The news today just turned hot. After a slow morning, we are bumping into the reason we are iffy about having Donald Trump as commander in chief. The previously ostracized and largely invisible Rex Tillerson just made big news by declaring that the US will no longer practice strategic patience vis a vis North Korea. Then he got iffy. But the point was made. He would have had to present an olive branch to create a different conclusion. Trump has signaled already that he wants to be tough on North Korea. Just as he has made it chillingly clear that on certain days he is ready to take on Islam -- all Islam.

Unpacking the Tillerson tea leaves

As usual, when there is big news, the New York Times has offered a carefully sourced summary of what went down.

The toughening up of the US position included rejecting talks with the North Korea government, just as Obama had done. That predictable stance was followed by Tillerson's vague but ominous suggestion that we might have to take preemptive action. Tillerson still has a visit to China on the drawing board. How militant he will be in Beijing is anyone's guess. Is Tillerson speaking for Trump whose conduct toward his Secretary of State has been rude and excluding? The answer presumably is yes.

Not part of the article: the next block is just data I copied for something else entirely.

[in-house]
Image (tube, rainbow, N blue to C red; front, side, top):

Trump escapes yet again

Just when the President seems slated to get a comeuppance for silliness like his weird charges against Obama, alleging he was wiretapped by the man he had already savaged multiple times, Trump is now a key player on the world stage.

It must make him feel his oats. It is consistent with a Trump strategy from way back. When being chased, change the narrative.

A perfect storm?

The North Korea situation has generally been regarded by all concerned as insoluble.

A dictatorial nation that cares only for its own survival and seeks nothing but respect for its capacities is not exactly open to a deal from any side. This is a 'my way' position. North Korea proceeds to create weapons that are claimed to have the capacity to reach the US. The fact that we now have a president willing to risk the prospect of widening war to put the hammer down is a change that nobody will miss.

There is nothing about this perfect storm that encourages confidence.

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